Energy Race or Pure Optimism?

Although there has been much talks of increasing the use of green, renewable energy (focusing on wind and solar), its usage and productivity in generating electricity is minuscule (only 3.35%). Just looking at the statistics above of increasing energy usage, it should be clear that we cannot continue to rely on the limited amount of fossil fuel and coal as our primary energy source. We need to transition to cultivate primarily wind and solar energy if we are to continue the increasing energy usage. The question is, how fast?

From both the PlaNYC 2011 Report: Energy and “The Long Slow Rise of Solar and Wind,” they suggest that transition to two types of renewable energy will take a long time, perhaps too long. The other article, “A Path to Sustainable Energy by 2030” is much more ambitious, calling for “3.8 million large wind turbines worldwide” and with enough solar panels to cover “0.33 percent of the planet’s land,” (Jacobson, 2009). There are, however, more than enough wind and solar energy to supply the world many times over if we have the equipment to harvest and store it.  Do you think there will be an energy race in the future, where countries scramble for materials to build wind turbines and solar panels? Or are we looking at a society that will slowpoke it?

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3 Responses to Energy Race or Pure Optimism?

  1. Sunny Xu says:

    Although it’s not immediate, I’m sure in a decade or so, we will be using more energy efficient ways to generate energy. Nowadays with programs like PlaNYC, they are finding more ways inform the public and to find alternative ways to harvest and store energy. There already has been many plans to move toward a greener future, such as green buildings, improving regulations to increase sustainability of buildings, provide energy efficiency financing and information, and so on. According to PlaNYC, just within 4 years from 2006 to 2010, energy use decreased almost 60 kBtu/sf. People are slowly aware of the importance of saving energy because they know that eventually we will run out of it one day if we don’t find alternative ways to make and save energy.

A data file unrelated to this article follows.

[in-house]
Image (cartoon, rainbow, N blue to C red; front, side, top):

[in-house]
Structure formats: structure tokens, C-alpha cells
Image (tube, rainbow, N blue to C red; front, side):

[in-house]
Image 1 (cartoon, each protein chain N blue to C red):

2. Phoebe Lau says:

    I believe once the sense of urgency is great enough, there will be a greater call for action to build wind and solar powered energy sources. In a sense, we are currently working diligently towards renewable energy for the planet.”PlaNYC” states that we have reduced our greenhouse gas emissions by 26% since 2005. While that is promising data, there is still room for improvement. As more people realize the benefits of shifting to renewable energy (as stated in “A Path to Sustainable Energy by 2030” only 17 to 20 percent of energy in gasoline moves a vehicle while 75 to 86 percent of electricity in an electric vehicle is used for motion), the greater the demand will be for it and we will not be the society who procrastinates.

  3. Jon Park says:

    I think you pose an excellent question, which has been a great topic for debate in the past few decades. As technology continues to develop, the efficiency of these alternative energy sources such as wind turbines and solar panels have increased immensely. In the same way, pollution in New York City is becoming reduced due to innovation. However, innovation comes at a price. With the city being strapped on cash, the ambitious call for large scaled projects don’t seem feasible. So to go back to your original question, I believe that energy will one day become a scarce resource, but the rate at which our world will reach that point will slow down increasingly.

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